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Understanding Capacity Charges and the Cost of Energy Procurement

If your business is located in a capacity energy market, then capacity charges may constitute a significant portion of your electricity expenses. Capacity charges typically make up about 25% of your total expenses, but they can vary depending on region, facility load profile and energy year.

Capacity energy markets exist in regions overseen by a regional transmission operator (RTO), also called independent system operators (ISO). The purpose of capacity energy markets is to ensure that a generator will always be available when there is a higher energy demand. There are seven RTO regions in the U.S., and four of them include capacity markets – ISO New England (ISO-NE), New York ISO (NYISO), the Midcontinent ISO (MISO) and the PJM Interconnection (PJM), which covers the Mid-Atlantic States, northern Illinois and Ohio.

ISO and RTO Operating Regions

What are capacity charges?

Capacity charges reflect the cost of procuring sufficient energy supply available to meet the peak load of your facility. There are two main components to capacity charges:

  1. The Installed Capacity Tag (ICAP tag)
    This is the measured capacity in kilowatts (kW) assigned to your facility.  The measurement is taken during the utility grid’s peak load times, which typically occur during the hottest days of the summer, from the previous year. For example, in PJM territory, the generation capacity ICAP tag is measured as an average of the peak kW for facilities over the five highest peak hour load times of the prior year. In 2016, the highest peak load times in PJM territory occurred between 4 pm and 6 pm on July 25th, and August 11th through August 14th. Capacity charges are incurred at the same ICAP tag throughout the power year and do not reset until the next power year.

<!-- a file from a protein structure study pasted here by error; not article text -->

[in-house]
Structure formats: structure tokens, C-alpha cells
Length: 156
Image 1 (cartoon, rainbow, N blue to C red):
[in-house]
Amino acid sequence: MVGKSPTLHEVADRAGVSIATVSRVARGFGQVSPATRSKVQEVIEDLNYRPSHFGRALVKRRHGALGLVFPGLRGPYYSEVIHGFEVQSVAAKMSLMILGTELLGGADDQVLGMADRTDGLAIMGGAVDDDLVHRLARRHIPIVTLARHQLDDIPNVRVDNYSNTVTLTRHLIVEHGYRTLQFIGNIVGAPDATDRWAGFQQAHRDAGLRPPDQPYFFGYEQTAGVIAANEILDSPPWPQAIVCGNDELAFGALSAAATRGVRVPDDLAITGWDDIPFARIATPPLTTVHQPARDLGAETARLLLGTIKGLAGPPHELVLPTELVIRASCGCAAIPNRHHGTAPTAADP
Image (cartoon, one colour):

2. The Capacity Rate 
    Capacity rates are determined based on an auction process held between RTOs and energy generators.

Can solar energy reduce capacity charges?

Customers cannot change their capacity rates, but they can influence their ICAP tag. Given that capacity tags are measured during the highest energy demand periods, which typically occur on the hottest days of the year, these periods also tend to coincide with excellent solar irradiance levels.  As such, solar is well positioned to reduce, and in some cases eliminate capacity tags and their associated charges when the system is sized to offset the peak load of a facility. For example, if your business has a load of 800 kW during the system’s peak demand day, and your solar system is producing at 400 kW, you could reduce your ICAP tag by 50%.  At current capacity rates in PSE&G utility service territory, for example, that reduction could represent an approximate $85,000 decrease in annual capacity costs.

To learn more about how solar may reduce your capacity charges and other components of your electricity bill, please contact us here or give us a call at 888-225-0270.

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This entry was posted in Solar Energy, Energy Costs by David Pomeroy

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